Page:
[TEMP CHECK] Should ENS Implement a Text Record Verification System?

I’m interested in proposing a verification protocol for ENS, aimed at enhancing the utility and establishing verifiability of text records. However, before moving forward, I’m interested in gaining insight from the ENS developer community, if possible.


The Verified Text Record (VTR) protocol establishes a decentralized method for issuing, authenticating, and, when necessary, revoking/invalidating text records. It ensures that ENS users can easily verify the legitimacy of user affiliations, credentials and more via text records.

The development of such concept can potentially be utilized by a wide-range of applications, from verification badges, to certifications and a bunch of other neat things which have the potential to further solidify (:wink:) the ENS ecosystem’s credibility and multifunctionality by adding additional layers of verification.

Note: for clarity, this isn’t a proposal to change the existing ability for users to freely create text records. This proposal instead aims to develop an overlay system on ENS that empowers individuals, entities, and organizations to issue verifiable text records.


Potential Misrepresentation: As ENS gains adoption, the likelihood of misuse or misrepresentation within text records increases. Users can claim false affiliations, attempt to assume the identities of others, or devise other, more creatively harmful forms of manipulation if there are no verification systems in place.

Diminished Reliability: Text records have the potential to be a goldmine of reliable information. But, if records are saturated with unverified data, their reliability takes a hit. Users may begin to question the utility of these records for the purpose of identification or affiliation if they cannot trust their authenticity.

Breakdown of Proposed Solution:

Smart Contract Layer: This would contain the logic for issuing, migrating/transferring, verifying, and, when necessary, revoking records. Each VTR record is tethered to this contract.

Open Issuance: Any entity or individual can deploy a VTR issuance contract and begin issuing VTR text records. This promotes fairness and decentralization, removing the need for any centralized body to oversee or control the issuance… I’m totally open to different perspectives here, but I don’t see a downside to keeping issuance open, as much like diplomas or other certifications, the reputation or credibility of the issuer is what holds importance.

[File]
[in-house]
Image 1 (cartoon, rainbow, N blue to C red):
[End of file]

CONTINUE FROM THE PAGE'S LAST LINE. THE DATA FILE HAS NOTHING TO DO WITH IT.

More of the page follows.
Public Ledger of Verified Records: Users can easily reference this ledger to validate any VTR claims on ENS, and possible integrators can streamline this check.

Revocation Mechanism: Issuers, or those who actually deploy the contracts have the option to implement a function which can revoke certain records. Whether it’s due to a change in association, like an employee getting fired, or other conditions, the system would be dynamic enough to cater to these real-world nuances. Implementation of this function should be based on whether the record is conditional or permanent. This function could be an automated process based on predefined conditions, require a manual trigger or even a DAO vote depending on how the contract is set up.

Potential Use Cases

Verification Badges:
Entities can employ VTRs to grant verification badges, acting as a testament to their legitimacy on the ENS platform.

Communities, groups, or DAOs can issue VTRs, as endorsements or recognition.

Accreditation Records:
Educational entities could dispense digital diplomas or certificates using VTR.

Proof of Attendance:
Event organizers can use VTRs as a testament to attendance.

Possible Smart Contract Design and Functions:

Contract Initialization:
The VTR smart contract will be initialized with the issuer’s details. Parameters could be issuer ENS name, description, etc.

Possible Functions:

  • issueRecord(address recipient, string memory recordText): Allows issuer to issue a new VTR to a specific ENS name. The record’s content is stored and tied to the recipient’s address.

  • revokeRecord(address recipient): An optional function which allows retraction of an issued VTR from a specific address. **Only the issuer or addresses with granted permissions can call this function.

  • validateRecord(address queryAddress): A public function that can be invoked by anyone to verify the authenticity of a VTR tied to a specific ENS address.

  • updateIssuerDetails(string memory newName, string memory newDescription): Lets the issuer update details, ensuring identity remains relevant and current.